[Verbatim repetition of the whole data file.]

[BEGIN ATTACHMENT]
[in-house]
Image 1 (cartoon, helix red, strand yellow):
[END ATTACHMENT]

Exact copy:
[in-house]
Image 1 (cartoon, helix red, strand yellow):